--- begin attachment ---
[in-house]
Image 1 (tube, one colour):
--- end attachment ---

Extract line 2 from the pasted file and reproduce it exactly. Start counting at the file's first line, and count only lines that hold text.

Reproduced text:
Image 1 (tube, one colour):